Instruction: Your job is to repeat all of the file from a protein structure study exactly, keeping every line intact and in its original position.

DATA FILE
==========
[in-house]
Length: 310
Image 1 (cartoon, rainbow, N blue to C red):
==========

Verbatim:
[in-house]
Length: 310
Image 1 (cartoon, rainbow, N blue to C red):